Posted on: March 22, 2013

Can Taiwan be a Cycling Island to the World? Check Out!

By Supriyo Das

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Can Taiwan be a Cycling Island to the World? Check Out!

Taiwan appears to be pretty focused in becoming a final destination for all cyclists by being the first cycling island in the world. However, it must apply brakes to its speed limits effectively and offer more space for cyclists if it aspires to achieve its aim of becoming the so-called cycling island, which is according to one of the visiting experts.

“The first thing I would tackle is speed,” European Cyclists’ Federation director Kevin Mayne said on Wednesday at the Taipei International Cycle Show. Perhaps, this glorifies the current state of events existing in the nation at this moment. The biggest advantage is that there no political or organizational flaws in this entire episode. The current government has to be lauded for sure after it took the bold step in order to promote cycling as a professional sport among all those interested.

Mayne, whose federation consists of European national cycling organizations, reacted astutely by saying that speed limits in Taiwan are too high for cars and scooters to coexist with cyclists. This creates a kind of dangerous pursuit for all those involved. Resolving the issue on time is something what that is needed in the first place.

Bicycle-friendly cities generally have speed limits of below 30 kilometers per hour, he said, citing German and Dutch cities as perfect examples.

He maintained that lowering speed limits is also a cheap solution to changing Taiwan into a cycling paradise, as nothing needs to be built.

“What you need is political will and enforcement,” he added.

Mayne said cities in Taiwan should ensure that more space is available for cyclists and take bolder steps to enhance the environment, citing New York, Paris, London and Vienna as examples of cities that are doing so and upon which Taiwan could model itself.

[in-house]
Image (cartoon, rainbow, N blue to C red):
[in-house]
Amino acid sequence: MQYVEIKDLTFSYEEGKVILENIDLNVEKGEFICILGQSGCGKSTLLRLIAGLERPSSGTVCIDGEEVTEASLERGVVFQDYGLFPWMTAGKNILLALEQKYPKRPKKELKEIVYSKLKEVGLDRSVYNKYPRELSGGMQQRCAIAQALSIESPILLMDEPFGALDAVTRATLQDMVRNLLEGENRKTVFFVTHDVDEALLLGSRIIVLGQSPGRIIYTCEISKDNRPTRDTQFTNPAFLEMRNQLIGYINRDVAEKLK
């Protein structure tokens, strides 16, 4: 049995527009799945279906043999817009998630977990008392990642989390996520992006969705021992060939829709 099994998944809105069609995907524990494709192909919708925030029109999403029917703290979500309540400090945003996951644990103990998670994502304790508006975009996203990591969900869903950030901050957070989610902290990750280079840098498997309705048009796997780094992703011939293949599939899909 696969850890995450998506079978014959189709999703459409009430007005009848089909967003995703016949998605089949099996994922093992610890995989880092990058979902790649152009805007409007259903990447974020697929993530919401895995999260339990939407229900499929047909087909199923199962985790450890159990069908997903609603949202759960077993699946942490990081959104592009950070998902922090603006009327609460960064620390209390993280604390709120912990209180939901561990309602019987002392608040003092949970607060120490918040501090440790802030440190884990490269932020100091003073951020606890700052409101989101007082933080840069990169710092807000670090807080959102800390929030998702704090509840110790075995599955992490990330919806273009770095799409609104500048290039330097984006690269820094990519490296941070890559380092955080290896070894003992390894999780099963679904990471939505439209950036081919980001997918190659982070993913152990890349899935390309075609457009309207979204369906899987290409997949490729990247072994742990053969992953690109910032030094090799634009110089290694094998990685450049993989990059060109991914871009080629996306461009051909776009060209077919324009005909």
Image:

He informed that the bike-sharing system in Paris, for instance, provided 15,000 bikes when it was first launched, while Taipei’s bike-sharing system, Youbike, currently offers only 1,500. This information could be taken as a comparison between both the countries in order to maintain the perfect balance regarding the growing craze for this sport.

“Too many cities have started [bicycle schemes] too small,” he said.

Taiwan’s strong bicycle industry could be chosen to the nation’s benefit in developing it into a cycling paradise, Mayne added.

The Taiwanese people’s underlying interest in cycling — evident in the fact that many people still ride bikes on the roads despite the traffic conditions — is also an advantage, he added.

He said there are economic benefits to turning Taiwan into a “cycling island,” including savings in public health, transportation costs and road repair, lower carbon emissions, better air quality, less traffic congestion and a more vibrant and healthier society.

As per King Liu, chairman of Taiwan’s bicycle titan Giant, the government pumped in NT$3 billion (US$100.85 million) to construct 2,088km of bike lanes around the nation from 1999 to 2011. Hopefully, a comprehensive velodrome too could be on cards if everything goes smoothly.

The government plans to invest a further NT$1.2 billion to build more bike lanes in the next four years, he included.

Tags: Taiwan

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